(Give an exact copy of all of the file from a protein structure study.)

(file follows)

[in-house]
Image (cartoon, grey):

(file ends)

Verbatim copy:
[in-house]
Image (cartoon, grey):